North Notes: Browns, Vikings, Meredith

The Vikings are working on a deal that would bring Terence Newman back to the Twin Cities, Chris Tomasson of the St. Paul Pioneer Press tweets. Newman has expressed a desire to not only return for his age-40 season but do so with the Vikings. However, Tomasson confirms a previous report that money is an issue for a potential re-up. Newman made $3.58MM in 2017. Minnesota reached an agreement to re-sign Marcus Sherels and has Mackensie Alexander back for a third year behind their the team’s starting duo. Newman played in 16 games last season and remained a mid-tier corner in the opinion of Pro Football Focus despite his age.

Here’s the latest from the North divisions as we enter draft month.

  • Connected mostly to Sam Darnold and Josh Allen at No. 1 overall, the Browns are still publicly expressing their interest in the big four quarterbacks at this juncture of the process. But Hue Jackson is “very close” to finalizing a preference to bring to John Dorsey and has said he would like a quarterback whose mobility is relatively in step with Tyrod Taylor‘s, as opposed to a stationary passer. The Baker Mayfield interest is believed to be genuine, Mary Kay Cabot of cleveland.com reports, adding the Heisman Trophy winner enjoyed a “great” workout with the Browns this week. The team is expected to bring Allen, Darnold, Mayfield and Josh Rosen in for visits before the draft.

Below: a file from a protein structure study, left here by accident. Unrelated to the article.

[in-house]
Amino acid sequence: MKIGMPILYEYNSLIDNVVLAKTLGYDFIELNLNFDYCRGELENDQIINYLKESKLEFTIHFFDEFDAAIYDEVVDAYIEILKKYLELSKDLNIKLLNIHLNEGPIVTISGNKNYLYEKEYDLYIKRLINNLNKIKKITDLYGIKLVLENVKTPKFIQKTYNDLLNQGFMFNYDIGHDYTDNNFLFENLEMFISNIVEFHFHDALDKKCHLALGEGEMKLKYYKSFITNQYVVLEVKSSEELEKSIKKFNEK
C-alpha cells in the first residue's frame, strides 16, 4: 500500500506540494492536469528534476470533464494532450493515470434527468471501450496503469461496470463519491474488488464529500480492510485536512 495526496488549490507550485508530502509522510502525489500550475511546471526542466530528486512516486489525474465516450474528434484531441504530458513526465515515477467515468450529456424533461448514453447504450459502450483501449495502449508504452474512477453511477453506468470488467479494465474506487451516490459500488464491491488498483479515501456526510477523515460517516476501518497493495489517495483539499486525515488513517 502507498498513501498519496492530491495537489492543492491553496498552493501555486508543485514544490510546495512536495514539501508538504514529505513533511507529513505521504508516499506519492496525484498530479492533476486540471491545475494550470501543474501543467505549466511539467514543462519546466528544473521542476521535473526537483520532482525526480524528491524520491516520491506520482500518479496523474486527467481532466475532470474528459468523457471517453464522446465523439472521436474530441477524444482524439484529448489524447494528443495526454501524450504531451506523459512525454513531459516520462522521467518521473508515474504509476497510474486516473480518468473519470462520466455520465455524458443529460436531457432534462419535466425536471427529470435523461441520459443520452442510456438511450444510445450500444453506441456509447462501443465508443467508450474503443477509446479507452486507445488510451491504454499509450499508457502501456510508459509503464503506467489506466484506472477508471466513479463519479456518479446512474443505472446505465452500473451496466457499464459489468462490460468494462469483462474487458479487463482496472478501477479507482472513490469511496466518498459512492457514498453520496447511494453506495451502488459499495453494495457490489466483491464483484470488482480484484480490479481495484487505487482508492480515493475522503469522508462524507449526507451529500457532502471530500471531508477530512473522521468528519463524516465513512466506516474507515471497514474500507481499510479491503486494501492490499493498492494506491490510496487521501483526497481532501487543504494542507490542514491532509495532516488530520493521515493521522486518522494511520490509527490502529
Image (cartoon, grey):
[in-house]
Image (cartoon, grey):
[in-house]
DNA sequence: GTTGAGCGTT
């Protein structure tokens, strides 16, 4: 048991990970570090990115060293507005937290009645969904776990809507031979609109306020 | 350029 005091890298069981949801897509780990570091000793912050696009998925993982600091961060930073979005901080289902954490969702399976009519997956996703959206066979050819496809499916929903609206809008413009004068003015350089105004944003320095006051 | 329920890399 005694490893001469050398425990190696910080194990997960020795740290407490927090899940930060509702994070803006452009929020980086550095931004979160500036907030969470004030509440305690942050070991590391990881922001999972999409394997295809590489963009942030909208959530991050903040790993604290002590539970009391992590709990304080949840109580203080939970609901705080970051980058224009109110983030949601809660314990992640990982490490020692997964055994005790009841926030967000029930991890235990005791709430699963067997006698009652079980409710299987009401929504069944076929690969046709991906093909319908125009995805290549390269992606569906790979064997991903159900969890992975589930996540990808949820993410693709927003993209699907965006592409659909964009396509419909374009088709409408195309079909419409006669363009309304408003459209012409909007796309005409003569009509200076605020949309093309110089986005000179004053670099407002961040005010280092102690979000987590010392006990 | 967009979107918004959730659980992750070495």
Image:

• Darnold-to-Cleveland has been the scenario most discussed around the league at this point, Terry Pluto of cleveland.com writes. While Pluto doesn’t discount the idea of the Browns going in a different direction, he has not heard anything lately connecting the team to Rosen. The UCLA quarterback was not exactly a portrait of enthusiasm about a potential Browns union when that subject surfaced late last year.
  • After the Browns take their quarterback at No. 1, Pluto expects them to select Bradley Chubb at No. 4. The caveat of the N.C. State dynamo being available should obviously be included, but with the Jets expected to take a QB at No. 3 and it making sense for the Giants to do the same at 2, the Browns could have the inside track on selecting the top quarterback and top non-quarterback in the draft. Jackson hasn’t exactly been evasive about envisioning what Chubb would bring to the Browns’ defense.